- Tiananmen Square, important for recent history of the country, but visually a place to take a picture and get away. Immediately to the south of the Forbidden City and outside the wall was built a large open square (apart from some towers) that was enlarged for centuries until, copying the desires of greatness of the previous emperors, Mao Tse Tung converted it into the largest square in the world in its time, where 1 million people can stand. It houses the Monument to People’s Heroes, Mao’s Mausoleum and on the west side is the National Museum.
- The misnamed Temple of Heaven, since it is actually a large park, was also built in the 15th century by the same emperor as the Forbidden City. There is among others to the Hall for Prayers for the Good Harvest, a circular altar of exquisite architecture that has become a national symbol.
- The Summer Palace is another set of palaces, gardens and lakes that already existed for delight of the city’s high-ranking rulers in the 12th century. It is 18 km away from the city center and it is a pleasant escape from it.
But Beijing is more than palaces and more palaces and parks and more parks:
- Other points of historical-cultural interest are temples of Lama and Confucius, or the ancient Bell and Drum towers (but way uglier than those in Xi’an).
- 798 Art District. This area dedicated to contemporary art is a break from temples, gardens, palaces and walls. With many cafes, exhibition halls and outdoor sculptures it is a pleasant visit even for those not very fond of this type of art.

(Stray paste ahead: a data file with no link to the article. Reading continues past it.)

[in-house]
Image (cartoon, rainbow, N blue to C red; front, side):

- Those who like glass and steel can entertain themselves by strolling through its financial zones, where skyscrapers are worthy of Dubai.
- The Hutongs or old neighborhoods, are another interesting visit. As small towns, all the houses are of a single floor of height, houses of a single room leading to a common patio, the majority of them without bathroom (which are public in the street). These residences of humble people who have disappeared from the majority of large and medium Chinese cities and that for decades are not seen in developed countries, are curiously what makes up almost the entire second ring of Beijing, which surrounds the Forbidden City. They were fenced during the Olympic Games so that tourists did not see the disadvantaged side of this city and are clearly endangered, since its location is precious as gold. Soon they will disappear under the pressures of real estate restructuring that is already beginning.
- Precisely some main avenues that separate some Hutongs are already a hotbed of cosmopolitan restaurants. This city full of qualified foreign workers has according restaurants, far beyond Beijing duck. It is one of the best and most varied places where to eat in the country.
- And then there is what many were waiting for: shopping. As a good international and business city, there are all western shops and brands. But there are many who are attracted by the siren song precisely of these fake products; it is said that they have diminished a lot in number and quantity, but they do still exist.
And also remember that there is the wall, do not miss the wall.
WHAT TO SEE
- THE FORBIDDEN CITY
- TIANANMEN SQUARE AND TEMPLE OF HEAVEN
- LAMA TEMPLE
- 798 ART DISTRICT
- THE GREAT WALL OF CHINA
- WHEN TO GO
- GETTING THERE BY TRAIN OR BUS
- GETTING AROUND
- WHERE TO EAT AND TO SLEEP
- DANGERS AND PROBLEMS